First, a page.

Issue Research: Election 2008 | Globalisation | National Security

Condoleezza Rice Trip to Afghanistan Raises Questions

Warren Mass
John Birch Society
February 7, 2008

"I do think the [NATO] alliance is facing a test here," Secretary Rice said from London. "Populations have to understand that this is not just a peacekeeping fight."

Apparently, Afghanistan is where the action is these days. Though the NATO force there totals about 40,000 troops, the U.S. government wants to devote more troop strength to Afghanistan and has been pressuring our NATO allies to follow suit. General Dan K. McNeill, commander of NATO forces in Afghanistan, said the military mission there was "under-resourced."

Secretary of Defense Robert M. Gates recently signed an order to deploy 3,200 more Marines in Afghanistan, and also sent a letter to the German Defense Minister, Franz Josef Jung, in which he requested that Germany send soldiers and helicopters to southern Afghanistan, the area of heaviest current fighting. The Germans have rejected that request, offering only to replace a Norwegian contingent of 250 troops exiting from northern Afghanistan.

Secretary Rice's mission on this trip seems to be sharing her primary role with her counterparts in other NATO governments. That role, which she inherited from quite a few of her predecessor secretaries of state (who, like her, were members of the Council on Foreign Relations) is to influence foreign policy to advance an internationalist agenda that downplays national self-interest in favor of building regional blocs, some military, some trade. (NAFTA is an example of a trade bloc while NATO is a military bloc.)

Most of us remember NATO primarily as a vehicle established to defend Europe from the Soviet Union during the Cold War, prompting the unanswered question: So why does NATO still exist? NATO was formed as a "Chapter VIII regional arrangement" of the United Nations. Therefore, the war in Afghanistan, like the war in Iraq, which was initiated ostensibly to enforce Saddam Hussein's violations of UN resolutions, is not a U.S., or a European, but a UN war. UN wars (aka, "no-win wars") have, since Korea, been fought to enhance the prestige of the UN, but the United States bears most of the cost, and most of the casualties.

Of late, after almost five years of chasing elusive al-Qaeda butterflies in Iraq, the Bush administration has decided that we must pay more attention to Taliban and al Qaeda-linked militants in Afghanistan, which was al-Qaeda's stronghold to begin with.

"This is a two-way street, and I think everybody has to step back and concern ourselves with the Taliban," Secretary Rice told reporters on February 7.

The list of questions the perplexed U.S. citizen might ask is endless, but we can think of a few good ones:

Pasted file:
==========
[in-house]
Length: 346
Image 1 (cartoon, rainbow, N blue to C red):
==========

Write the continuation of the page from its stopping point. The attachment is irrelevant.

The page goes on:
• Following the 9-11 attack, with evidence of the alliance between the Taliban and al Qaeda in hand, why didn’t President Bush ask Congress for a declaration of war against the Taliban regime before initiating Operation Enduring Freedom against Afghanistan, as our Constitution requires?
  • When the Taliban retreated from the major cities of Afghanistan, and by December 2001 had retreated into the mountains along the Afghanistan-Pakistan border (where presumably Osama bin Laden has been hiding ever since), why didn’t the United States devout sufficient military resources to defeat and bring to justice all of the leaders responsible for 9-11?
  • With the culprits responsible for 9-11 still at large, why did our government dilute the resources available to apprehend them by invading Iraq, which had nothing to do with 9-11 and was never a threat to the United States?
  • Again, if Iraq was deemed such a threat at the time, why was there no congressional declaration of war against the nation, as our Constitution requires?
  • If the rise of the Taliban in Afghanistan is such a concern, and requires additional military resources to stop, why not declare war on the Taliban-controlled areas of Afghanistan, pull all of our troops out of Iraq and send them to Afghanistan, put the Taliban out of business for good, finally apprehend Osama bin Laden, and then bring the troops home?
  • While we are at it, why haven't we put greater pressure on Pakistan (supposedly our ally) which was the only nation to maintain diplomatic relations with the Taliban government, even as we launched our war on terror and which did little to cooperate in catching Osama bin Laden, who some suspect may be hiding in Pakistan’s western Waziristan region, which is a hotbed of Taliban activity?

In the midst of an election year, wouldn't it be refreshing to see these and similar questions discussed during the presidential debates?

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